Tuesday, August 09, 2005

Hiroshima and Nagasaki

Over the last week or so, I have become quite tired of hearing people talk about the horrors wrought by the atomic bomb in Horishima and Nagasaki. The underlying implication seems to be that America made a mistake or that we killed thousands of Japanese needlessly. These people have no historical perspective.

First, only 100,000 Japanese were killed during the bombing. I say only 100,000 because in the battle of Okinawa which concluded a month before the bombs were dropped, 200,000 Japanese and 50,000 Americans lost their lives. And that's one battle! In comparison to the bloodletting that the war in the Pacific had already seen (which includes over 10 million Chinese civilians murdered by Japanese forces), 100,000 lives to end the war completely was a cheap cost to pay.

Second, Allied estimates as to the cost to Allied and Japanese lives through a land invasion are in the millions. The Japanese were a proud people who were willing to fight to the death. The A-Bomb was the only solution because it allowed the Japanese to bow out gracefully in front of this overwhelming display of force.

Those that seek to disparage the brave pilots that dropped those bombs 60 years ago or the military leaders that ordered them dropped are either uninformed or are attempting to intentionally hurt the reputation of the United States. I would like to hear ONE television or radio story giving the actual facts on this story.

For more facts, check out these two articles:

http://www.townhall.com/columnists/thomassowell/ts20050809.shtml

http://www.victorhanson.com/articles/hanson080505.html

1 Comments:

Blogger Shadowness said...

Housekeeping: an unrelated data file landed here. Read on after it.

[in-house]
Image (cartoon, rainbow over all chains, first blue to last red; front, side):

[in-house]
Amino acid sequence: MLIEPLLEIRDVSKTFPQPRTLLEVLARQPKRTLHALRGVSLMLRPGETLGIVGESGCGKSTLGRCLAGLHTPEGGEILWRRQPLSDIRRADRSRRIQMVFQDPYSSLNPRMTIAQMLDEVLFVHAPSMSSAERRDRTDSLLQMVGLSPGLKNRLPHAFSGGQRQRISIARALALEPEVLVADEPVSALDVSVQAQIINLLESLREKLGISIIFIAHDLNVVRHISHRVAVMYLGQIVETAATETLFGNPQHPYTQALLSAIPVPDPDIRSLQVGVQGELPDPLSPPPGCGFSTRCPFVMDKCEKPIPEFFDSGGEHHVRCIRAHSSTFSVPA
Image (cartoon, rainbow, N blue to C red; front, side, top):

I have a few points to rebut in your blog. I'm no authority, granted, but I'm doing an essay on it currently and I've done a little research.

First- In the first year alone, 140,000 were killed in Hiroshima and 70,000 in Nagasaki. Since then, there have been innumerable deaths, illnesses, mutated births, etcetera due to long-lasting radiation damage.

Second- the Japanese were willing to fight to the death- for their emperor. They believed he was a god, and would (and did) surrender once his safety was ensured. The Emperor himself was in favour of peace *before* the bombings and was in the process of convincing the military extremists of that.
The Allies could have stated that they would allow the Emperor to retain his position, or could have threatened Russian invasion, before needing to even mention the A-bomb. These together would almost undoubtedly brought surrender; however, they were not mentioned by the Allies.

Third- I do not wish to disparage the brave pilots or American fighters. They were, undoubtedly, amazingly brave- however, they were not informed of what they were actually carrying until they had already embarked on their mission. The public, and even the majority of the military, of the Allies were kept completely in the dark. The generals who ordered the bombs dropped were not aware of the full effect of the bombs, either. As testing had been kept to a minimum to retain secrecy, much of the project was, thought extensively reseached in theory, was untried.

My conclusion, whether or not you value it, is that the blame lies only in the miscommunications of the event. Brave men and women died and are suffering, and that is always a tragedy, but what's done is done and blame fixes nothing.

4:21 PM  

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